| Timo Jokela
Nature and landscape do not define only the material circumstances of life. There are phenomena in both Finnish and Lappish ancient religions, beliefs, story telling traditions and their relationship to nature that contain features separating them from the traditions of Western and Southern Europe. The undercurrent of the rich mythology of the Finno-Ugric people was a shamanistic and animistic perception of the world. This deep fatalistic connection between man and nature is also reflected in Finnish art - in literature, music, design and architecture, as well as in different art forms. It is perhaps most evident in environmental art. Even at the present time, a work of art placed in the landscape challenges us to ponder, who we are, where we belong, and what our place is in the great universal cycle.
Although urbanisation, occupational change and waves of globalisation create big transformations, the Finnish way of life is still in close contact with nature. It is therefore natural that many artists observe the changes in the relationship to nature through their art. For some, environmental art functions as a personal tool to reflect on one's relationship to nature, for others, it affords a means of observing the changes in the communal and cultural attitudes towards the environment - from a critical viewpoint. Yet others harness environmental art to search for new ways to solve ecological, environmental and aesthetic problems, involving both art and the different sectors of society.
Place-specific art, as a definition, depicts the artists' endeavour to use the actual site as an intrinsic part of the material and expressive content of his/her works of art. Environmental artists share an interest in truly experiencing a place. Although the sites of the works are traditionally considered as part of nature, they are also part of the human experiential world that is phenomenally and culturally constructed. Environmental art uses nature as its raw material and as a display site. As such, it is expressed in many ways: as a home to mythological spirits, as a refuge from the urban world, as a gateway to the spiritual world of beyond, as a place of mental purification, as a homestead and a place of work, as an object of exploitation, as a depiction of ecological problems, or as a forum for political power. Aesthetic, ethical and economic concepts, values and expectations are thus projected on environmental art works. A forest is not only the wilds of nature but also a part of Finnish mythology and identity. However, it also represents modern primary industry. Art offers tools to reconstruct and represent this.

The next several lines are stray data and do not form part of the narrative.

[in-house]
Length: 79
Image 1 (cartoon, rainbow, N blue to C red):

Environmental art challenges its' creator to orientate closely with the character of the place and to familiarise him/herself with the resulting phenomenal experiences. The work of art is often a result of physical labour and this is perhaps why Maurice Merleau-Ponty suggests phenomenological-existential concepts whereby man's physical presence in a landscape is the prerequisite of all thinking. Physical labour with art pieces transforms into a kind of meditation, where the body movements open a gateway to the consciousness of the sensory perception of the environment. This releases creative potential, increases aesthetic experiences, and unites the body and the mind, in an enriching way. The connection between mythological Finnish relationship with nature and Maurice Merleau-Ponty's concept of thinking is an interesting one: nature appears as an element that surrounds us, yet above all, it includes us humans. Nature is not only the material from which human culture develops, but also the basic principle of existence that flows through us as material or experience, uniting ourselves with the same stream that we are trying to manipulate with art works.
Our relationship with the environment is not merely an individual phenomenological experience. The artist is required to orientate to the history of a place, to the stories it tells, and to the meanings that other users and the community ascribe to the place. Thus, environmental art has social dimensions and aims and it belongs to a public place rather than a natural landscape. Small towns, countryside and villages in Finland are going through a series of big changes. The occupational structure is no longer shared. Take, for example, the co-existence of traditional, organic livelihoods and tourism, and their interaction and fusion that enables many villages to survive - however this also creates conflicts.
Socially active environmental artists often aim to develop ways of working with the community, to look for the strengths of the inhabitants, and to support the survival and development of their identity. The relationship of the northern communities with their environment is in a pivotal position. That is why environmental art is a natural means of working with social projects. Mapping and analysing the visual outlook, livelihood, traditions and stories of a village has created art events that activate people and whole villages. Environmental projects typically also bring together people of all ages. They also carry out research, analyse, mediate and renew the history of a place and its' means of livelihood, through art.
The roots of Finnish environmental art lie deep in the mental landscape of Finland. However, the point in environmental art is not about a return to pure nature or to the roots of tradition, but rather about the insight of the cultural researcher Stuart Hall: All new cultural discourses exist in a particular place. They come from some area, some history, some language, some cultural tradition; it is from there they gain their shape.
This is the way it appears in Finnish environmental art, too.